The slow death of payday lending

Tide began to turn back in 2014 with new regulations - and now Google is turning the screw

Wonga logo
(Image credit: Getty Images)

A decade ago payday lending barely existing in the UK. Short-term cash flow crises were handled by pawn shops, overdrafts, credit cards and, for some unlucky few loan sharks.

Then Wonga arrived offering us all instant cash that we could repay when our monthly pay packet hit our account. Money in minutes from a friendly company advertised by cartoon grannies was an instant hit and many people started borrowing.

Over the 10 years since Wonga’s arrival the dark side of payday lending has become clear to most people. The interest rates are astronomical, over 1,000 per cent APR in many cases because of the short repayment deadlines - and people have found themselves stuck in a cycle of debt borrowing from one payday lender in order to repay another.

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Also, traditional lenders have taken a very dim view of this short-term lending. A payday loan on your credit file can make or break a mortgage application.

The tide started to turn against payday lenders back in 2014 when the Financial Conduct Authority (FCA) introduced new regulations for the industry. Wonga was ordered to pay £2.6m compensation to borrowers who had been subject to dodgy debt collection practices including receiving letters from fake law firms demanding payment.

Then last year a cap was introduced on how much interest they could charge.

Google strikes the death blow?

The latest blow came this week with Google announcing that it is banning ads from payday lenders. The internet giant has categorised the lenders as dangerous and will now ban them alongside ads for weapons and hate speech.

“It is possible Google’s move could have more impact on curbing the industry than government regulation,” says the BBC.

Despite the FCA’s action there are still numerous payday lenders operating in the UK, so curtailing their ability to advertise could seriously affect their business.

Wonga is certainly suffering already. Earlier this month the lender revealed revenues fell from £217.2m in 2014 to just £77.3m in 2015 resulting in a pre-tax loss of £80.2m. The firm has halved its lending as it tries to focus on being more responsible and move away from its payday routes.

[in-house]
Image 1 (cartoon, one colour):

Should I borrow?

The FCA may have imposed price caps but payday lending is still an incredibly expensive way to borrow. If you take out a loan for £250 from for 30 days you’ll pay £60 in interest and fees. That’s an astronomical 1,250 per cent APR.

Numerous payday lenders have sprung up over the past decade but it is telling that not a single major lender has jumped on the bandwagon. The big names have stuck to responsible lending to avoid their names getting further tarnished.

If you need to borrow money you should look at getting an overdraft – many are completely free if they are for small amounts – or taking out a credit card.

First Direct, HSBC, Post Office Money and Nationwide all offer current accounts with free overdraft facilities.

Alternatively, Sainsburys Bank and Post Office money have credit cards with zero per cent interest on purchases for 27 months. If you are worried about whether you will be approved for a credit card use a comparison site such as, which will do a soft search on your credit file and tell you which credit cards are likely to accept your application.

Finally, consider taking out a loan from a credit union. They tend to consider people who might be turned down by mainstream lenders and there is a cap on how much interest they can charge: three per cent a month in England, Scotland and Wales, two per cent in Northern Ireland.

Just be aware that you have to meet criteria to join a credit union – either based on where you live or your occupation. You can search for a suitable one at

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